If you have a high-deductible health insurance plan, an HSA is an excellent place to invest for your retirement.
Roger Wohlner from The Chicago Financial Planner and author of “Health Savings Accounts – The Other Retirement Plan” says you can contribute to an HSA with pre-tax money, similar to an IRA, and withdraw the money for qualified medical expenses tax-free.
You can contribute $3,350 as an individual or $6,750 as a family in 2016, as well as an additional $1,000 “catch-up” contribution if you’re over age 55.
The best part?
There’s no maximum income that disqualifies you from contributing.
Qualified healthcare expenses include:
- long term care expenses
- Medicare & Medicare supplement premiums
- most medical and dental expenses
- vision care
- co-insurance and deductibles
- prescription drugs
Wohlner says that even though the funds must be used for medical expenses, it’s highly likely you will use them, citing a Fidelity study, which estimated that an average 65 year old couple will spend over $245,000 in health expenses throughout retirement.
#3 Variable Annuity
Variable annuities offer tax deferred growth but are taxed at ordinary income upon withdrawal. I’m told Vanguard has a good, low cost one.
But VA’s do have one very nice feature:
The cool thing about annuities is you can “annuitize” them, meaning you can take your income out over a fixed period of years, say, 10, 15, or 20 years. The benefit here is any taxable gains you’ve made over the years doesn’t hit you all in the first few years of distributions as you pull out those gains.
Instead, the gains are spread out over the time period you’re taking the money. For example, if $500K of contributions turn into $1 million, and you take it all out at once, you’ll owe tax on a 500K gain. But you could take the $1 million over 20 years, so only about half of the income from it would be taxable.
#4 Rental Property
Elizabeth Colegrove from The Reluctant Landlord teaches investors how to add rental properties to their asset portfolios.
Colegrove says that besides the equity you can gain from owning a rental, there are several other benefits of being a landlord including:
- Positive cash flow
- Tax deductions – You can depreciate your rental
- 1031 exchange – Time to sell your rental? That doesn’t mean you have to pay taxes on your gains yet. You can roll your money into a new property using a 1031 exchange.
Real estate offers lots of tax breaks and potential diversification of your asset portfolio.
If you’re too anxious for owning a rental, you might try investing in REITs. REITs allow you some of the same benefits without owning the property.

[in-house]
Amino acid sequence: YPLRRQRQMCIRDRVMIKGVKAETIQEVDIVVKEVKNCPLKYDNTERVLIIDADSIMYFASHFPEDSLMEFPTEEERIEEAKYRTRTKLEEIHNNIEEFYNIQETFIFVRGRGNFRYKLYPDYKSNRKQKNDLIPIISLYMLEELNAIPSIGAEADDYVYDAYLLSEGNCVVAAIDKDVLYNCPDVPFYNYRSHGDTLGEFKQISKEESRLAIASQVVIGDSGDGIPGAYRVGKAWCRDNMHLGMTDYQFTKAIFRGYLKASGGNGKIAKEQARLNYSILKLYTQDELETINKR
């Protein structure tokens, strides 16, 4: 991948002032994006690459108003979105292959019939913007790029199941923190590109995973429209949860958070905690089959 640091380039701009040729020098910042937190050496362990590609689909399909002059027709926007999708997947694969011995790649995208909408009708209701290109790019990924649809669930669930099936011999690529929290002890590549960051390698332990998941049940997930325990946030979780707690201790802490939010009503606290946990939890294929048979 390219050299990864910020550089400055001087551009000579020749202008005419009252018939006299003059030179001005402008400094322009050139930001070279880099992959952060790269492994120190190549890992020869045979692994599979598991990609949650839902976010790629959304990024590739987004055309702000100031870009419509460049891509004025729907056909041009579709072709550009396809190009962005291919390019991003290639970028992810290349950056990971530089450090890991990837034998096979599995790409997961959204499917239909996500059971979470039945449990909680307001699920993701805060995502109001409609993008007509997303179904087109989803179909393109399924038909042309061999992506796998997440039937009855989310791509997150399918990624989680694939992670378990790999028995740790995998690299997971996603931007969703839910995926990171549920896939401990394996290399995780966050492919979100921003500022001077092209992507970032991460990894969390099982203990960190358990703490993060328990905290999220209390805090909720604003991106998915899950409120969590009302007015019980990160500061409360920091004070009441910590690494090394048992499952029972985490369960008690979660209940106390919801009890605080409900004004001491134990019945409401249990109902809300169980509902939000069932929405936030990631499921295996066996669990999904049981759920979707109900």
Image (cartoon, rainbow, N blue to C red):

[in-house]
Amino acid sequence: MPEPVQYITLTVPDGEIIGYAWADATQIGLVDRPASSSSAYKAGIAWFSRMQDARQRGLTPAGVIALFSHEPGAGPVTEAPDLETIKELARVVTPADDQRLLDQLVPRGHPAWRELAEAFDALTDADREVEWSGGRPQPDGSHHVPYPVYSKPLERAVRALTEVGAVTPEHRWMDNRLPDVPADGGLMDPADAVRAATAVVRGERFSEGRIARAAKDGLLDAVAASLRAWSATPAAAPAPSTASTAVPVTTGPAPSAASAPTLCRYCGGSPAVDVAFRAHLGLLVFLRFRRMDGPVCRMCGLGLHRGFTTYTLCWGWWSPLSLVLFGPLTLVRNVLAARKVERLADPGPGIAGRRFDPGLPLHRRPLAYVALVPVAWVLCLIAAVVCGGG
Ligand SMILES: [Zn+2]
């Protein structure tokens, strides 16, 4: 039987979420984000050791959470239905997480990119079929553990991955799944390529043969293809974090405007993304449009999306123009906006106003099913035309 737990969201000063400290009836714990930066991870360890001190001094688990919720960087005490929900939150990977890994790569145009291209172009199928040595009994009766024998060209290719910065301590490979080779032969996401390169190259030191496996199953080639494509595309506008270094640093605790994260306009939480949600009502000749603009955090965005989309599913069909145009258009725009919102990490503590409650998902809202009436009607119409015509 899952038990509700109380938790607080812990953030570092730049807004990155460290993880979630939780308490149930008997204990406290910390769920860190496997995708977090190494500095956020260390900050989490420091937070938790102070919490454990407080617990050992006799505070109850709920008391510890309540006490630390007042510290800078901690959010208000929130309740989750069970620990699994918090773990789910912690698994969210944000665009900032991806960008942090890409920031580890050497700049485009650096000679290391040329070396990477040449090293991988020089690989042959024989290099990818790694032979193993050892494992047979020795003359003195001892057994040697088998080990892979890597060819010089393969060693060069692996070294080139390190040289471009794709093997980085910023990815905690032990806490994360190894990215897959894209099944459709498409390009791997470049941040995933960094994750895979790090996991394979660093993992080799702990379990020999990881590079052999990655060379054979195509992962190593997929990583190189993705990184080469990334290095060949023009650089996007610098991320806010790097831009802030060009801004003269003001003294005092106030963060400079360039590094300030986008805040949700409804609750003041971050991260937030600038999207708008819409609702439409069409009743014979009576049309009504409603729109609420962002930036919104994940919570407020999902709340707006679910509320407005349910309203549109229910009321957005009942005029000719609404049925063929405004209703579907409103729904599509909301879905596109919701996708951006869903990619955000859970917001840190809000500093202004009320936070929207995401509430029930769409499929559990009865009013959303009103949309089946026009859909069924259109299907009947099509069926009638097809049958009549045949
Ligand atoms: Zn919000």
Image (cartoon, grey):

#5 US I Bonds or EE Bonds
Larry Ludwig from Investor Junkie said another way to add safety to your portfolio and get some tax benefits was using US I Bonds or EE Bonds.
I Bonds earn interest based on a combined fixed rate and inflation rate. EE Bonds just earn a fixed rate.
They’re both STATE tax free but not Federal. You may be able to use them for higher education and avoid federal income tax too.
#6 Non-Deductible IRA with Conversion to Roth
This idea was first proposed to me by Eric McClain from McClain Lovejoy Financial Planning.
McClain says if you make too much to contribute to a Roth, consider making contributions to a non-deductible IRA. Writing for FiGuide.com, McClain says:
Later, you can convert these non-deductible contributions to a Roth account but would not pay tax on the “basis” contributions. This strategy is often referred to as a “backdoor” Roth contribution.
In other words, you can contribute today to an IRA (even if you make too much to contribute to a Roth), wait a few days or a few weeks, and then convert to a Roth. Kimberly Lankford at Kiplinger says you’ll only pay tax on the gains you made while the funds were in the IRA.
McClain and Lankford both stress that the tax treatment of Roth conversions becomes much trickier when some of the IRA funds being transferred were “pre-tax” contributions, and urge you to speak with a tax professional before making any moves.
#7 Invest in Yourself
An excellent way to invest your money and get tax benefits is to start your own business.
A business enjoys tax breaks on phone, home office, mileage, etc.
…I recommend working in a business where “anyone” could be your client. For example, just about everyone I know is either a life insurance client of mine or a prospect. That makes for a lot of deductible meals.
If starting a business intimidates you, get started in a network marketing company!